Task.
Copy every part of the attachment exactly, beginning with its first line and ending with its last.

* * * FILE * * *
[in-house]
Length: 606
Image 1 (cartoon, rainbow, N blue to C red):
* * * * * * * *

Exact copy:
[in-house]
Length: 606
Image 1 (cartoon, rainbow, N blue to C red):